"Measure twice, cut once."
It's a known practice in the carpentry and construction business. The idea is fairly simple: by measuring your raw materials twice before you cut it down and try to fix it into place, you are better insuring that you didn't make a mistake in the measurement, and that the plank of wood is going to fit rather than discovering that you have to start all over again. Mistakes are costly. It's not only the time it takes to redo all of the physical labor, there's also the expense of the materials and the waste on our environment.
It would be great if Marketers adapted this ideology to our profession.
I recently read that a company is attempting to make banner ads more social. This gave rise to one thought: If banners ads were any good, people would react to them. Their desire to share them would be uncontrollable. All great advertising is inherently social.
Back to "the big idea."
In August of 2009, I Blogged about the death of the big idea (you can read more about that here: Maybe It Is Time For Marketing To Move Away From "The Big Idea"). It caused some controversy and stirred some strong sentiment in the comments section - which is understandable. Marketers often think like Carpenters who don't adhere to the "measure twice, cut once" credo. Marketers have a nasty habit of dumping ads (the same ones - in different formats) in any place and every place that a set of eyes might find and as frequently as possible. They don't do the measuring to ensure that the type of Marketing that they're doing actually fits/makes sense for the channel. Digital Marketing is the perfect example of this. The current state of online advertising works like this: "here's a page (it can be a website, Blog post, mobile app, etc...) that many people interact with - let's put an ad (or many of them!) on it."
Why not do the right thing for the right thing?
I love Google's advertising platform because it is the right thing for the right thing. The advertising/marketing fits the platform. When someone does a simple search, advertisers who have a relevant message can place their "ad" in front of them on the condition that the ad has a look and feel that fits the platform (which Google enforces). If no one clicks on the ad, not only does the advertiser not pay, but the ad has a likelihood of being removed (Google wants ads that work - for both their advertisers and their users).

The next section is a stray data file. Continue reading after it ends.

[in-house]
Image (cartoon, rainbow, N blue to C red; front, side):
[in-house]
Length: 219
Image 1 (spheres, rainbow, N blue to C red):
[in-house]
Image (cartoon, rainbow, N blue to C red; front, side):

This is where advertisers fall down.
As integrated and new media as many of these traditional advertising agencies have become in the past short while, let's not forget what they're really efficient at: creating one message and repeating it everywhere... and constantly. At the end of the day, ad agencies are great at creating advertising driven by that one big idea and repeating that message everywhere. I believe that Digital Marketing is about thinking about this differently. Digital Marketing is about many messages (and stories) in many different places (or, as I call it, "many big ideas"). It can be text, images, audio, video and it can be in the form of content, contest, advertising or conversation. The line is not as clear as simply saying, "it's online advertising." Because it's not (which is why I have a big thing for transmedia and Digital Storytelling). Digital Marketing has made advertising much more complex. To wit, advertising must adapt, step up, mature and figure out its real place in this new marketing mix. How Marketers start to embrace and noodle with this idea of making sure that the thing (they're advertising) is good for the thing (the platform) they're placing it in will dictate how the industry truly evolves. If you're a Marketer and you don't think the situation is dire, you may want to read the Fast Company article, The Future Of Advertising (November 2010).
What the world needs now is more Marketing Hackers.